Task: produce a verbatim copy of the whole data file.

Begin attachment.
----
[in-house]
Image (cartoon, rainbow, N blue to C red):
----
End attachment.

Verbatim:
[in-house]
Image (cartoon, rainbow, N blue to C red):